|Figure 4: (a) Light microscopic (×100), hematoxylin and eosin stained sections of ligamentum flavum showing organized pattern of elastic fibers without evidence of hypertrophy. (b) Fibrocartilagenous tissue at the site of bony attachment with normal chondrocytes|
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| Discussion|| |
The onset of pain due to lumbar epidural varices are sudden and intractable akin to acute disc prolapse. These patients generally get admitted to the emergency voluntarily due to the severe intensity of pain, which is resistant to conservative measures, including analgesics, steroids and physiotherapy.  Trigeminal neuralgia secondary to irritation of the fifth nerve within skull has been reported by Petty et al. to be caused by vascular anomalies.  Similarly, venous plexus surrounding the cord and nerve root is a very potent source of radicular pain as it directly compresses the root and dorsal ganglion.  Epidural varices has also been rarely implicated as an etiological factor for claudication due to the epidural collateral circulation that occur secondary to IVC obstruction,  which was not seen in our patient. Localized compression of anterior internal vertebral veins also results in rostral blood flow causing a secondary dilatation of valveless epidural venous sinuses.  These anterior internal vertebral veins course vertically within the spinal canal in the posterolateral aspect of the vertebral body medial to the pedicle consistent with the vertically oriented group of veins as seen in our case.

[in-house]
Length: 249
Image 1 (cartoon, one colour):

Dabasia et al.  emphasized the importance of lumbar epidural venous engorgement as a cause of neurogenic claudication in the absence of spinal stenosis in a case of follicular lymphoma due to compression of IVC by enlarged lymph nodes. Marshman et al.  reported a rare case of symptomatic spinal extradural arteriovenous malformation (E-AVM) causing claudication and concluded that E-AVM exacerbates claudication by both compressive and venous hypertensive mechanisms when there is preexistent canal stenosis. Porter described a two-level stenosis concept of venous pooling in the cauda equina between two levels of low-pressure central canal occlusion for the pathogenesis of neurogenic claudication.  Lumbar epidural pressure of 15-18 mmHg have been reported in flexion and 80-100 mmHg in extension.  Walking increases the venous return from lower-limbs and this exercise-induced increase in pressure causes further engorgement of epidural veins raising the stenotic pressure significantly.  This mechanism might also have been the cause of claudication in our patient as she was asymptomatic in the sitting posture and walking induced elevation of epidural venous pressure would have aggravated the pressure on the nerve root which was already compressed in the lateral recess by the abnormally attached slip of LF. The clinical differentiation of lumbar epidural varices from lumbar canal stenosis is difficult as the symptoms and signs of neurogenic claudication is similar in both entities. Marshman et al. reported the role of spinal angiography in the diagnosis of vascular causes of stenosis. As we attributed the lateral recess stenosis due to the abnormally attached LF as the cause of claudication in our patient, spinal angiography was not done preoperatively. However, the intraoperative identification of epidural varices as the compressive element in this patient highlights the importance of recognizing this entity preoperatively and performing spinal angiography in those presenting with classical claudication, but with a normal MRI.